This is answered at the beginning of the chapter in which they appear.
In this section we describe each operator, function, set, and command that you are likely to encounter in CVX. In some cases, limitations of the underlying solver place certain restrictions or caveats on their use:
• Functions marked with a dagger (†) are not supported natively by the solvers that CVX uses. They are handled using a successive approximation method which makes multiple calls to the underlying solver, achieving the same final precision. If you use one of these functions, you will be warned that successive approximation will be used. This technique is discussed further in The successive approximation method. As this section discusses, this is an experimental approach that works well in many cases, but cannot be guaranteed.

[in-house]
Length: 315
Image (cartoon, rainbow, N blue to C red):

• Functions involving powers (e.g., x^p) and p-norms (e.g., norm(x,p)) are marked with a double dagger (‡). CVX represents these functions exactly when p is a rational number. For irrational values of p, a nearby rational is selected instead. See Power functions and p-norms for details on how both cases are handled.
I think you would benefit from (re-)reading the whole CVX User's Guide. It's not very long.